The SMED-ing of Football

I was looking for a change of pace for the whole Pit Crew/Racing example used to illustrate the SMED process.   Maybe I just got frustrated with it because, although it does show an example of a fast changeover, I’m not sure how “Lean” the whole process is.   Luckily, with football season around, I have found a new example to talk about.  (For those who may want to stop now, I’m talking about “American Football”, not what most everybody else in the world calls football.)

Judging by ratings, more people watch the NFL and College Football than motorsports.  That’s kind of important if I want to come up with something other than the tried and true pit crew metaphor.  Chances are if you’ve watched a game over the past few years, the talking heads in the booth have spent some of their time talking about “hurry up” or “blur” or some other variance of a no-huddle offense that is the greatest thing since the forward pass.  This is likely to be a huge topic of conversation early in the NFL season as one of the most well known practitioners, Chip Kelly, has left the University of Oregon and is now performing some degree of his voodoo for the Eagles.  What does that have to do with Lean and changeovers?  Hopefully I can show you.

One of the perceived benefits of the no huddle offense is that you can run more plays in the same amount of time because you can run them faster.  How does that happen?  Well, it starts with looking at a huddle as a changeover.  If you can exchange in your head the whistle stopping the previous play for “last good piece” and being in place for the snap of the ball for “first good piece”, the process is actually quite logical.  Here is a typical huddle:

1

In a no huddle system, you identify the steps in the changeover that don’t add value.  In this example, the steps that don’t add value are the “running back to the huddle” and the “communication in the huddle” steps.  From there, the steps of going to line up in your position and coaches communicating the play have to occur in parallel, and add in speeding up the movement from the end of the last play to getting back to the line for the next play.  The diagram starts to look like this:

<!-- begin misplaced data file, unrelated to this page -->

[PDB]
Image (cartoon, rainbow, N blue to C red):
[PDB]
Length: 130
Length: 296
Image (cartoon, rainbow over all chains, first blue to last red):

2

3Okay, it’s not a perfect metaphor, but it’s not a bad start.  Plus, it makes both watching football and talking about SMED a little more interesting.  (For the sake of clarity, yes, I realize that no-huddle offenses aren’t a new development in the past 2 years.  Also, from a football standpoint the speed of the plays is mostly important because it allows you to constantly tweak the pace of plays being executed so you can outflank the defense…but that’s a topic for another time and place.)

Are there any other good parallels that are in use to talk about SMED or another Lean concept?  In the interest of space, I’ve condensed some of the “how” out of this post.  If you’re interested, post a comment or drop me a line (joewilsonlean at gmail dot com) and we can discuss this concept or your other examples further.

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Posted on September 20, 2013, in Tools and tagged , , . Bookmark the permalink. Leave a comment.

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